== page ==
provide adequate numbers of suitably trained and accredited facilitators,
who are the key to the process. Sentencers who would be initiating the
process currently have no established tradition in the use of RJ. They
would need training as well as convincing. The whole process will be
extremely complex and expensive, and it will be vital to ensure that the

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quality of delivery is of the best and not rolled out in a piecemeal fashion.
It would be a disaster if expectations were raised without adequate quality
delivery. That would destroy confidence and set the programme back for
a long time. The Government must clarify not only how much they are
planning to invest in training, promoting and delivery but the estimated
timescale for the rollout of RJ. I cannot imagine that it will become
widely let alone generally available for some considerable time, even
with the expert advice and support of the Restorative Justice Council and
other agencies. (Hansard [HL] 30 Oct 2012, Column 534-5)
Transforming rehabilitation
If rehabilitation is to be transformed, the emphasis needs to be changed. The attempt
to control behaviour by fear only works when the individual perceives a high risk of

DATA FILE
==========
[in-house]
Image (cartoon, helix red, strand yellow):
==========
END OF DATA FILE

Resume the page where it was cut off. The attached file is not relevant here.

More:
being found out and not always then. It is also an unattractive basis for a society
based on mutual respect. Motivating people to behave by building on the individual's
self-worth and need to be valued is ultimately more effective, although initially it
may be more difficult. Control is obviously necessary, but the key words should be to
persuade and enable.
One important way of doing this is through restorative justice, which surprisingly is
not mentioned in the document. This is a way of encouraging empathy, although of
course it cannot guarantee it. It is not easy for the offender, but instead of pain
inflicted by the authorities, which makes the offender think of himself, he has to face
the painful realization that he has hurt someone else. It is a voluntary process (and
some offenders cannot face it, which contradicts the claim that it is not 'tough'
enough), but for those who do, and undertake to make reparation, they are more
likely to complete it because they have agreed to it.
Reparation is not limited to an apology or compensation: what many victims want
most is that the offender takes action that will make him less likely to offend again.
At this point there is a responsibility on the rest of the community to enable him to do
so. If he needs work skills, literacy or numeracy, or treatment for addiction, suitable
programmes need to be available. They will of course also be required in those cases
where a restorative conference is not possible, for example where the victim does not
choose to take part.
Is punishment the answer?
A re-think is needed of the assumption that punishment, in the sense of deliberate
infliction of pain, is effective in controlling behaviour or desired by a majority of the
public. An ICM survey of 1,085 victims of non-violent crime for the Ministry of
Justice (16 November 2007) found that although victims of non-violent crimes in the
UK want offenders to be punished, they do not believe that prison is always the